A tuna fishing expedition turned unexpectedly dramatic Wednesday morning when a Rhode Island family found itself the inadvertant audience of a great white shark's breakfast buffet.
Peter Mottur, a Portsmouth, R.I., native, and his wife, Debbie, children Abigail and Charlie and mother, Libby, were hanging out on their boat around 8:30 a.m. when they spotted the shark near the south tip of Monomoy Island, off Chatham, Mass., only a few hundred feet off the beach.
As Mottur maneuvered his craft closer, the group observed a dead, gray seal floating in the bay with a fin circling it. Family members whipped out their cameras and managed to capture the ensuing meal with both still and video images recorded over a 10-minute span.
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Great white sharks are the largest predatory fish on Earth, according to National Geographic. They can grow to up to 20 feet and weigh close to 5 tons.
In an email to the Huffington Post, Mottur described the shark -- which seemed unperturbed by its captivated audience -- as measuring at least 15-feet long and weighing about 2,500 and 3,000 pounds.
"My kids were excited and terrified at the same time," Mottur told HuffPost. "They have watched Jaws with me several times, but they knew this was the real deal."
Mottur also observed what appeared to be a tag of some sort on the shark, and after they left, he contacted Dr. Greg Skomal, a shark biologist and leader of the Massachusetts Shark Research Program (MSRP). Skomal told Mottur that the tag was likely an acoustic tag, and that there was a listening station nearby.
Acoustic tags are electronic tags that transmit information on a frequency that does not disturb the tagged creature. Such tags transmit code picked up by a listening station on the ocean floor and can transmit data including swim speed, depth and water temperature.
"Skomal was very excited about the images and footage and this is apparently very rare to capture in this area," Mottur wrote.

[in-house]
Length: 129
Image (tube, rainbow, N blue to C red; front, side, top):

It is not unusual, however, for great white sharks to turn up in Massachusetts waters.
According to the state's Department of Fish and Game, most shark sighting have come from the Monomoy Island area, which is home to the Monomoy National Wildlife Refuge as well as thousands of gray and harbor seals -- a great white favorite.
Skomal began tagging the formidable creatures in 2009, and his program was recently endowed with a $25,000 grant from the Sacco Foundation to continue the research.
A flurry of great white shark sightings on the Pacific Coast made headlines earlier this month, potentially hampering conservationist efforts to have the shark added to the state's endangered species list, the San Francisco Chronicle reports.
According to advocacy group Oceana, sharks are threatened by finning, bycatch and fishing pressure. They write: "Of the 307 shark species assessed by the International Union for Conservation of Nature (IUCN), 50 are listed as vulnerable, endangered or critically endangered, but only the white, whale and basking sharks are protected internationally under the Convention on International Trade in Endangered Species (CITES). Sharks now represent the greatest percentage of threatened marine species on the IUCN Red List of threatened species."
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